Lloyd Spiegel visits Canada

Lloyd Spiegel

When: Friday, Sept. 1,9 p.m.
Where: OCCO Kitchen Restaurant, 4240 Innes Rd., Orléans
Tickets: $20 at brownpapertickets.com
Also performing: Saturday at Hog N’ Cob, Cheshire Cat Pub, Carp; Sept. 8 at La Grange de la Gatineau; Sept. 10 at Batstone’s Northern Ramble, Renfrew.
Tickets and info: lloydspiegel.com

Australian bluesman Lloyd Spiegel is back in Canada this summer to celebrate the release of This Time Tomorrow, his ninth album. The 38-year-old guitarist spoke to Lynn Saxberg about the new project, his connection to the blues and how a phone call from blues legend Brownie McGhee changed his life.

Q: How did a kid from Melbourne, Australia discover the blues?

A: My father was an enormous blues fan, and was friends with a guy named Dutch Tilders, who was really the only famous blues player in Australia. I grew up going to his gigs from six years old. I didn’t know there was other music. Blues records were played in my house 24/7 so honestly, until I got to the middle of primary school, I had no idea that pop music existed. I thought that everybody had old blues guys that they would go visit. He was like a grandfather to me.

Q: Was he the reason you started playing?

Absolutely. My father is an auto body mechanic. He fixes car bodies. We would go out and see Dutch Tilders play, and it was pretty clear to a six-year-old that that’s a much better job than my dad’s job. And there were always guitars lying about the house. My parents were always very clear, you had to play a sport and you had to play an instrument. I just instantly had a connection to guitar, always have. It’s always been a part of my life.

Q: Did you take lessons?

A: Not official lessons, but I was this kid that hung around the blues clubs and would constantly ask people to sit with me and play. I’d be having lessons, but I think I got them all for free.

Q: How did your style evolve?

A: My style came from listening to music that blues helped to create, and then borrowing back from it. In particular, funk and soul and rock. My style comes out of the frustration of having to go solo. I had no interest in playing acoustic guitar but when I got out of high school. All of the bars in Melbourne started putting poker machines in, and there were no gigs. You couldn’t get a gig with a band but you could get gigs in coffee houses and restaurants. I had to buy an acoustic guitar and begrudgingly did that. My style is very much trying to make as much ruckus as possible with one instrument in the hope that it fills those spaces I’m always hearing. I’m a fast player and it’s kind of flashy, but I try to make sure that every note still has conviction, that I’m playing with a purpose, that I’m not just playing to show off or anything like that. I’m a stressed-out, frantic kind of guy so I play a stressed-out, frantic kind of blues.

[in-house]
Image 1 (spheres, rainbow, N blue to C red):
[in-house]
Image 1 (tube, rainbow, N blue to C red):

Q: You spent time with a blues legend, Brownie McGhee, in the United States when you were 16. How did that happen?

A: Brownie was my all-time favourite blues artist. He was the Beatles to me. An absolute rock star in my eyes. Somehow he ended up with a copy of my CD, and called the phone number on the back of the disc and spoke to my father. My father didn’t believe it was him on the phone at first. I got home from school and he said, ‘Brownie McGhee called today. He’s invited you over to California to play with him.’ I had to stay for exams but six weeks later, my father pulled me out of school and put me on a plane, and suddenly I was in Oakland. Brownie died nine months later so I was very honoured to have had that.

Q: What was it like visiting him?

A: You know, there was a sense I arrived late for a party. Otis Rush and James Cotton would be having a conversation, it’s just the three of us sitting there. They’re bona fide blues legends and you don’t have anything to bring to the table. I’ve always felt like I was born in the wrong time. I always wished I’d been from back in those days. Those guys were all getting very old, they were tired. They all left us within a decade of that. There was a sense of, for lack of a better term, finding my people.

Q:  You have a new album, This Time Tomorrow, your first studio project in seven years, that, for the first time, combines the three cornerstones of your music: songwriting, blues and guitar. How did it come together?

A: It came out that way I think because I was working on a deadline. I never made an album on a deadline before, I always kind of just let it happen on its own time. What happened was my manager got tired of waiting and booked the album launch tour before there was an album so I had to get writing. When you do that under that pressure, you do fall back on what you know, and so I started actually writing real blues songs, leaving plenty of space for the guitar. I’ve always made guitar albums or blues albums or singer-songwriter albums, but I’ve never been able to mix them together properly. This one, it happened naturally. I wasn’t thinking of a style so it’s just me coming through. We just wanted songs that could be brought back to me and a guitar. It’s the first time I haven’t tried to hide behind a bunch of effects and pedals and craziness. So I’m kind of proud of that.

Q: Do you still think of Brownie?

A: I think of him often. I open every show with a Brownie McGhee song for that reason. It really brings it home to me, and it reminds me of just how far I have to go. I’ll complain because I’m 27 years on the road now, I’ll do 10 to 12 countries a year, and I get tired. Then I think about Brownie who toured for the better part of 60 years. For me, there’s always been this balance between paying respect to the real deal but adding something to it myself without trampling on the history, and that’s a really fine line to tread.

Original article written by Lynn Saxberg can be found here.

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